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Democratic 2020 U.S. presidential candidate Andrew Yang speaks to students during a campaign stop at Concord High School in Concord, N.H., to Jan. 2, 2020.


It was a rock-star entrance in Rochester, N.H.

There were whoops and cheers. There were handshakes and high-fives – the kind U.S. President Donald Trump will receive from Republicans when he moves down the aisle of the House of Representatives chamber in the Capitol for his State of the Union Address in Washington on Feb. 4, the day after the Iowa precinct caucuses.

But this was in a city of fewer than 32,000 an hour north of Boston and an hour south of New Hampshire’s White Mountains, a spot so inhospitable to colonial settlers that few dared plant roots in the area until 1729 – and a place that didn’t have much of an economy until the British discovered that the trees in Whitehall Swamp made for fine masts for the king’s ships.

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The object of this acclaim and adoration was a political candidate who was an asterisk in the polls just months ago, an unknown in politics until recently, and, suddenly, a real presence – if not yet a real force – in the fight for the Democratic presidential nomination.

Andrew Yang is the most unlikely presidential candidate since Ned Coll, a community activist who in a Democratic debate 48 years ago only miles from here brandished a toy rat and described it as a symbol of the “real crisis” in America, the housing calamity of the urban poor.

Mr. Yang has no such audio-visual aids, simply a lapel pin that reads MATH (“Make America Think Harder”) and a math wizard’s mastery of figures. If MATH is the political dictionary’s antonym for MAGA (“Make America Great Again”), then Mr. Yang is the political dictionary’s antonym for Mr. Trump.

“I am the ideal candidate for this job – an Asian man who likes math,” he said at a raucous rally here. No one missed the comparison with the 45th president.

Indeed, Mr. Trump’s election formed the basis for Mr. Yang’s opening remarks in the back banquet room of an old Georgian-style New England hostelry.

What, he asked the crowd – mostly young, some bearded, all intense and pretty much all-in for the former businessman who has developed a cult following – was your reaction to the election of Mr. Trump?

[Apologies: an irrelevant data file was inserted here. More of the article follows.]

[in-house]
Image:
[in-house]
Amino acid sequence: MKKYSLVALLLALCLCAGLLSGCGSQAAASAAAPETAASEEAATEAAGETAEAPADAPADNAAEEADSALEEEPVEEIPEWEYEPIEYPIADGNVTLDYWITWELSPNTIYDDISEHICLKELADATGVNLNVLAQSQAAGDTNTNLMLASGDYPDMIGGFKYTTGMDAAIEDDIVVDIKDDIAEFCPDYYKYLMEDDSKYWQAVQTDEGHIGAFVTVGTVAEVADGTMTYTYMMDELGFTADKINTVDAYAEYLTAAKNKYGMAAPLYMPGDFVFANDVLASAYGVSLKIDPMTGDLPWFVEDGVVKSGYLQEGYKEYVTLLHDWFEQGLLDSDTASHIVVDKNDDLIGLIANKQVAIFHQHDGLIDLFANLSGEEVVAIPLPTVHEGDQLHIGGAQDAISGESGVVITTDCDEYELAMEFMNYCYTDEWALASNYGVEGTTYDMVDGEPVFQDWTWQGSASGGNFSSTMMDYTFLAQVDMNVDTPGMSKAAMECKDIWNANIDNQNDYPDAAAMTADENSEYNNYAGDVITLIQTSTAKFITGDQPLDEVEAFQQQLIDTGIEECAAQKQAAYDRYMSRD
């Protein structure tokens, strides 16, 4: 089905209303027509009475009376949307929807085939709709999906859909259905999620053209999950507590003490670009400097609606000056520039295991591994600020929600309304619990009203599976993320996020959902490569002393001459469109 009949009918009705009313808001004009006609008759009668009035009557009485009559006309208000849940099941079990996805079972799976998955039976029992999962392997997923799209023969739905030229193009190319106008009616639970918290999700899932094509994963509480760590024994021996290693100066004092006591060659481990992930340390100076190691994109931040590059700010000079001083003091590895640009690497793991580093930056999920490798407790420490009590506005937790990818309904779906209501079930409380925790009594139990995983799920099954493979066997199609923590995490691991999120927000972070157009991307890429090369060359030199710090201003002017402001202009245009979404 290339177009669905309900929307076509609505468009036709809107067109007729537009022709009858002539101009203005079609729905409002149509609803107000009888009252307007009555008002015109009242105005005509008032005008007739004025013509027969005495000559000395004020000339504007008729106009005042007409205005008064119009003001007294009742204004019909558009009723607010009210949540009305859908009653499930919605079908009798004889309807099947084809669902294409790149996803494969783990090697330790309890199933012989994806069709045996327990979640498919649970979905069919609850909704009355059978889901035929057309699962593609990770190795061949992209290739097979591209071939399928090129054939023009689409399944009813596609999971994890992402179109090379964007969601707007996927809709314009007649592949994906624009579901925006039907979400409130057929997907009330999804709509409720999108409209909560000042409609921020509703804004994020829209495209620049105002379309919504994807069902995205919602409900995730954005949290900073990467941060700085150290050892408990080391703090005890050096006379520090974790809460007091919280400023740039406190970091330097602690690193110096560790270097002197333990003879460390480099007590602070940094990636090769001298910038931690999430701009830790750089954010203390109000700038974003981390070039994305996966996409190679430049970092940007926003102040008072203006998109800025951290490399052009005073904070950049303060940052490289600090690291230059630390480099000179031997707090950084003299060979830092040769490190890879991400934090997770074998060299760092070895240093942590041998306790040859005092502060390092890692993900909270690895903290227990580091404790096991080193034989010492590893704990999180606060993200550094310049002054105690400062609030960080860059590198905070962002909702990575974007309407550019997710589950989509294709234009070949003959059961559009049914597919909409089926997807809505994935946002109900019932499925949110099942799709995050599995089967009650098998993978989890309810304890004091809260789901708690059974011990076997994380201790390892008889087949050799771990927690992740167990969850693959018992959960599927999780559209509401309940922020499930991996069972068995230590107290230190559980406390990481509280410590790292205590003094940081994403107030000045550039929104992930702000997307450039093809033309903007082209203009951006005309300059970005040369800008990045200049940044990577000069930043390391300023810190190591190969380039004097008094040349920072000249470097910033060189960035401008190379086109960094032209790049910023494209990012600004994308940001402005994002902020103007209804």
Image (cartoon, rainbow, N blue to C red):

The answers: Tears. Nausea. Screaming. Contacting a “help” hotline.

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Mr. Yang characterized the Trump triumph as the country deciding to “take a bet on a narcissist TV star as our president.” Then he really turned up the heat on the President.

The crowd loved it. Many voters around the country are moved by him, helping him to raise US$16.5-million in the past three months, catapulting him into the top tier of fundraisers even as he remains the sort of niche candidate that The New York Times characterized as “the Internet’s favourite candidate.”

Indeed, the Yang candidacy is both viral and full of vitality. His appearance in Rochester was a combination of a rally and an economic lecture, ranging from deploring Amazon’s effect on the economy to arguing that conventional economic indicators understate the crisis of ordinary families in the United States to raising fears of the implications of automation. “The rubber will hit the road,” he said, “when the first robot trucks hit the highways.”

Some already have hit the highways, and that only reinforces Mr. Yang when he hits the hustings here in the state that on Feb. 11 will hold the first primary of the 2020 presidential election.

Citing American revolutionary theorist Thomas Paine, civil rights leader Martin Luther King Jr. and conservative economic thinker Milton Friedman, he speaks of giving every American a monthly US$1,000 grant − the funds would come from making high-tech companies pay more taxes or, in some cases, some taxes at all – to create what he calls “the trickle-up economy.”

The idea may seem to ensure Mr. Yang is regarded on the progressive fringe of the Democratic Party. But shortly after his inauguration in 1969, Republican President Richard Nixon supported a similar initiative, the Family Assistance Program. “In many respects, the Yang proposal has its roots in the Nixon plan,” John Roy Price, who was a young domestic-policy adviser in the Nixon administration and one of the architects of the initiative, said in an interview, “and Nixon wouldn’t find the Yang plan unusual, even though he successfully campaigned against another proposal like this from George McGovern," his rival in the 1972 election. The Nixon plan passed the House of Representatives in 1970 and then again in 1971, but died in the Senate finance committee.

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But Mr. Yang’s platform isn’t confined to math. He combines it with philosophy in an effort to build a fresh campaign chemistry. He is the only candidate to speak repeatedly about the mental health of the country and “stress,” a word he employs repeatedly. And, like others in the 2020 race, he brandishes values as a campaign message, although with a distinctly Yang twang. “The things we claim to value are declining or being wiped away. We’ve been brainwashed to think our economic values and human values are the same thing, and they are not, New Hampshire."

In four weeks, New Hampshire gets to express its own values and decide whether Mr. Yang’s ideas have value. If the verdict is that they do, he goes on. If they don’t, his campaign may well be finished.

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